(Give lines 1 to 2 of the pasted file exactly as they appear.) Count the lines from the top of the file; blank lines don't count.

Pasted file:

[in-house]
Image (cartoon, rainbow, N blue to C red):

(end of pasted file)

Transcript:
[in-house]
Image (cartoon, rainbow, N blue to C red):